Pressures Necessary for Carbon Detonation

Carbon detonation is a characteristic event of Type 1a Supernova (EDIT: where an accreting white dwarf near the Chandrashankar limit of 1.4 solar masses explodes), an extremely important standard candle for cosmology. An area of active research is designing computer simulations to model supernova spectra and light curves and fit these to ones obtained observationally to better understand the effect of trace elements and characteristics of the explosion (asymmetry, companion star properties, etc) in order to provide better distance estimates to get more accurate constraints on cosmological parameters (Hubble constant, Dark Energy equation of state, etc).

But it would be very interesting (and extremely cool) if there was a way of generating carbon detonations in a laboratory situation in order to study these effects. What sort of temperature/pressure range is necessary to generate a carbon detonation? Would it be in the range of experimental apparati? Or, on the extreme sides of things, a large thermonuclear device?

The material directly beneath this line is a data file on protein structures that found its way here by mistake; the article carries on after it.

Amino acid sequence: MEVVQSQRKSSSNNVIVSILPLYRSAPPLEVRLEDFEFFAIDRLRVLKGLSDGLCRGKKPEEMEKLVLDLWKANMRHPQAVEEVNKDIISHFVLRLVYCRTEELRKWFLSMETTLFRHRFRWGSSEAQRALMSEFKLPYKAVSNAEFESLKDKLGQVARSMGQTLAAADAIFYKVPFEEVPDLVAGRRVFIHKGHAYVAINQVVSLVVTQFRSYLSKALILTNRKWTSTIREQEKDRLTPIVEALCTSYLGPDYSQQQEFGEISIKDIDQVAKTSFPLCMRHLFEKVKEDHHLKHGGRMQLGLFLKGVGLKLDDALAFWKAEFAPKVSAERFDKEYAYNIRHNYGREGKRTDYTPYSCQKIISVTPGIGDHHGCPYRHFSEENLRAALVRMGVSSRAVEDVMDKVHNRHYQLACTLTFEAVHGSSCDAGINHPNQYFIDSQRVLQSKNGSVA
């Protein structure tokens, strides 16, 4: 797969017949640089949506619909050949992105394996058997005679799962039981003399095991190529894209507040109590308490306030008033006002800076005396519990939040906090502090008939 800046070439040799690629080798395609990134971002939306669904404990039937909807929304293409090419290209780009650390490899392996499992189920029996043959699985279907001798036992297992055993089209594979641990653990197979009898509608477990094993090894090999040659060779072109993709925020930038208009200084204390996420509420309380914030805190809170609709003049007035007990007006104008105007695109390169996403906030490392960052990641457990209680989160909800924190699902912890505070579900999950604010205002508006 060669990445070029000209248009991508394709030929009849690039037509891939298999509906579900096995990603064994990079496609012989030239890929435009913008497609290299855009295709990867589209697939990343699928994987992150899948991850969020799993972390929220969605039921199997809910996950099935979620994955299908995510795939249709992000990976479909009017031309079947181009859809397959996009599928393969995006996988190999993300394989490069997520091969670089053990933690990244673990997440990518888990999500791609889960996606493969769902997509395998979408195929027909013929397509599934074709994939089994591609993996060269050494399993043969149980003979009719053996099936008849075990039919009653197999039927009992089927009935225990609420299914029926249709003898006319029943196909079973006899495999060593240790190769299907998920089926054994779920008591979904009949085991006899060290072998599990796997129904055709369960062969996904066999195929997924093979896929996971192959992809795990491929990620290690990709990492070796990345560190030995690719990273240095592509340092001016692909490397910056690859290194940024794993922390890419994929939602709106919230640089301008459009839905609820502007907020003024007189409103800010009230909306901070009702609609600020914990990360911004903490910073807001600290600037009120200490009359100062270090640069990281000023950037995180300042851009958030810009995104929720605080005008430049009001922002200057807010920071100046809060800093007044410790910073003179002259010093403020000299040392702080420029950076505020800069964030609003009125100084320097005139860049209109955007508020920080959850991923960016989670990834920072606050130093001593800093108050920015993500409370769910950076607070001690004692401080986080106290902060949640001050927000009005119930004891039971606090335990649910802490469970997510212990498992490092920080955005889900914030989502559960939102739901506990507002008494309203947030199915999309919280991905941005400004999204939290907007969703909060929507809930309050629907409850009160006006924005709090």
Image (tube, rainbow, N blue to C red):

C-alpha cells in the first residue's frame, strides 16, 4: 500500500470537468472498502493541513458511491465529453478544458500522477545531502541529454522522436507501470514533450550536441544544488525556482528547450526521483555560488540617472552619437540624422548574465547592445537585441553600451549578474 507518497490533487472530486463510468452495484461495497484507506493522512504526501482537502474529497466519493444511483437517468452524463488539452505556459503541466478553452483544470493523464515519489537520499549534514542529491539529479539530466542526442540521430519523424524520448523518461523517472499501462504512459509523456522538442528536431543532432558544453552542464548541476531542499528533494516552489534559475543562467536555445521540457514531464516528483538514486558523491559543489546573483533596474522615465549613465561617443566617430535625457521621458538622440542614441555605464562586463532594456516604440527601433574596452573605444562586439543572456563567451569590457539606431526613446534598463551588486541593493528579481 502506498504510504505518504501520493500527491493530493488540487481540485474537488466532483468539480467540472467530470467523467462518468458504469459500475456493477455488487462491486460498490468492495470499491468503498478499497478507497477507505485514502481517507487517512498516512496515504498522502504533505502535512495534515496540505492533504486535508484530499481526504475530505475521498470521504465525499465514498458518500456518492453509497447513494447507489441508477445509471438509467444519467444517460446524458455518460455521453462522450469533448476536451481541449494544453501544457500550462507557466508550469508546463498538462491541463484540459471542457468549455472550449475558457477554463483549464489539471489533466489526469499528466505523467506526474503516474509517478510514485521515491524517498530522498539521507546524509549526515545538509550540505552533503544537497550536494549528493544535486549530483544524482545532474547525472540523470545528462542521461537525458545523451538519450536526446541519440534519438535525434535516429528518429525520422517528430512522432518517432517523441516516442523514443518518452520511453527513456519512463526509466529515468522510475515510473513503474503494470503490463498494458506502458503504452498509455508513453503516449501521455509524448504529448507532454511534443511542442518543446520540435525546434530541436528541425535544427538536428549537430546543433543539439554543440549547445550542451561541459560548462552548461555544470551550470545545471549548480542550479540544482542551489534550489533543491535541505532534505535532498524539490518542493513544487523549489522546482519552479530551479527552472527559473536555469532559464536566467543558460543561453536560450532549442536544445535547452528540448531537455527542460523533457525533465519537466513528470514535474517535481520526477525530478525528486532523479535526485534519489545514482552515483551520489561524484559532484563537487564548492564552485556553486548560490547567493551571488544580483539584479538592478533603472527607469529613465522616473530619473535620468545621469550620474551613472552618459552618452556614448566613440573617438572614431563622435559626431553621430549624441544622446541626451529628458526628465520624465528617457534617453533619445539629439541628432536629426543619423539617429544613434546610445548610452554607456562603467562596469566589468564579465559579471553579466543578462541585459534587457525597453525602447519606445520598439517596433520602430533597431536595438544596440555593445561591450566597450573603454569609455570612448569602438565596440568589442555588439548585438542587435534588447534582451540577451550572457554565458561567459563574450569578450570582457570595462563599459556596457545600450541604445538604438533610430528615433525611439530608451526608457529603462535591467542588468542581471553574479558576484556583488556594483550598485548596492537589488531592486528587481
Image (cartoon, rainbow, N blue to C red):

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In stars, carbon-carbon fusion gets going around $5\times10^8\,\text{K}$. From a quick glance at a relevant stellar model I have lying around, it looks like the relevant pressure in the core of a $12M_\odot$ star is on the order of $10^{22}\,\text{dyne.cm}^{-2}$ or $10^{21}\,\text{Pa}$. But the densities are also very large: around $10^6\,\text{g.cm}^{-3}$ and the reaction rate scales with $\rho^2$.

As far as I know, the temperatures and densities achieved in the National Ignition Facility are around $10^8\,\text{K}$ and $10^3\,\text{g.cm}^{-3}$. So while it doesn't seem that the temperatures are that hard to reach, the densities probably are.

Our current knowledge of these reaction is built on detailed calculations and collider experiments with small numbers of particles. These collisions aren't nearly enough to produce energy but we can learn something about the reaction cross-sections based on what happens.

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The trick with colliders is they are often too energetic (per particle), and so comparison with stellar interiors requires a disconcerting amount of extrapolation. –  Chris White Dec 3 '12 at 0:36